Two notifications here show our interactions being a multiple of our reach. Except in rare circumstances, like photo gallery views and super small audiences, you cannot have an engagement rate greater than 100%.
Should you freak out at this bug?
Nah, any more than someone in California losing their mind over a 3.0 earthquake or seeing jaywalking in India.
We seek to have a 10% engagement rate as part of our “Standards of Excellence”. So if 1,000 people see something, we’d want at least 100 interactions to know that the post did well, paid or not.
And if the engagement rate is high, we would consider putting some “boost” dollars behind it, whether to a lookalike audience (top of the funnel), first touch video view audience of 10+ second viewers (mid funnel), or 28 day site-wide audience (conversion).
Watch your notifications to see what Facebook thinks is doing well– then seek to understand why they think so, whether false alarm or real.
Surprising. I’ve fought this for a couple years now, but now I finally understand why Facebook is not recommending us to choose “website traffic” (clicks) as a bidding objective, when we can choose conversions or brand awareness.
We used to bid for clicks because we didn’t have enough conversions for the system to optimize. Plus, PPC folks like me have been bidding on clicks since the entire system started.
But if you bid on clicks, that’s exactly what the system will give you. Don’t get mad if you don’t get conversions.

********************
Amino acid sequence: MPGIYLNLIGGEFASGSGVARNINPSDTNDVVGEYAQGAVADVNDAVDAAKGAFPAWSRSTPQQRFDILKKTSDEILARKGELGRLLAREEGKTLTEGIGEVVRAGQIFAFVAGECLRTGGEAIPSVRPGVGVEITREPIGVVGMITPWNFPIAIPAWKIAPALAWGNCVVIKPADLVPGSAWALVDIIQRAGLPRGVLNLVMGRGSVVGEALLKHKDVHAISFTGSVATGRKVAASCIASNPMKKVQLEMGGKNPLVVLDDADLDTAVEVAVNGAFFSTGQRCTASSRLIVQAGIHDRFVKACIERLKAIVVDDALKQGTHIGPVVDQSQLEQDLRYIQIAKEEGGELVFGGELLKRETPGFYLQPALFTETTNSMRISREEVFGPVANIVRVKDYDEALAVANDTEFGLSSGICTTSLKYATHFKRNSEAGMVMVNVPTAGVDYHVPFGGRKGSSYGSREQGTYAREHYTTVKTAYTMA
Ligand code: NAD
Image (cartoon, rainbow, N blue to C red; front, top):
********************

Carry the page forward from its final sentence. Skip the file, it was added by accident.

Logan and I have learned this one the hard way– don’t make our mistake.
Here are the reasons why: – Text- heavy posts, especially memes, violate the 20% text rule, so you get disapproved or penalized. – Some organic posts cannot be boosted– they have profanity, use Facebook’s brand the wrong way, or violate the ads TOS (like have a gun pointed towards you). – You’ve exhausted the original audience, so your frequency is high when you a boost. – You’re targeting the wrong audience– this is hard to diagnose. – Your organic post wasn’t evergreen– perhaps for an event that expired.
You can see that the boosted part of this post got north of 10% engagement, which is excellent.
But we’re paying a $50 CPM– meaning $50 to reach just 1,000 people.
(Yes, the experts here will point out that impressions and reach aren’t exactly the same, but for the purposes of simple analysis, it’s good enough).
Even with a high base cost of traffic (CPM), the cost per engagement is good enough that I’m willing to let the boost live for a few months longer.